I enjoy working as an editor (for the Rivista di Studi Sudasiatici, for the Coffee Break Conference proceedings, for my own project on quotations, etc.) and my papers are always read by someone else (be it the peer-reviewer of a journal or the editor of a volume), who usually heavily edits them. Generally speaking, I enjoy engaging with a careful reader, who might also strongly disagree with me. It makes me aware of possible rejoinders, forces me to sharpen my points and to clarify my thought.
What I do not like that much, by contrast, is
- 1. when typographic things are discussed instead (just delete the extra space and don't bother me with that! Put the inverted commas as you prefer them, it has nothing to do with the content and you do not want each author to utter her opinion on it or you'll never end your volume).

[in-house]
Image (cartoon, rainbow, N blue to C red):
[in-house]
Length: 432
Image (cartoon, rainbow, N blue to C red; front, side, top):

- 2. when the editor wants to write the paper himself or herself. I am happy to add, emend, clarify, but I cannot be forced to add a distinct chapter on X in contemporary philosophy just because I happened to use the word X while discussing something else.
Point 2, by contrast, is crucial, especially for South Asian scholars. We often share so little background with our editors, that we might have completely different ideas about what should be in our articles. I am quite convinced that it is legitimate to speak of "Philosophy" while referring to Kumārila, Dharmakīrti, etc. Do I really have to make this point clear every time I write an article? Even a reference in a fn. might be too much if the article does not focus on philosophical subjects and just happens to use the word "philosophical texts". The same applies to translations (I cannot explain in every article the rationale behind each of the technical translations I adopt). Shall one write a methodological article to be published on one's web site and constantly updated where issues such as "Why I believe that Mīmāṃsā needs to be studied" and "Why do I believe that 'inhering cause' is not a suitable translation for samavāyikāraṇa" are dealt with? Or should one try to write only for suitable editors (if it is ever possible)?
What do you do?
On a related topic (how to refute a paper), you might read this post.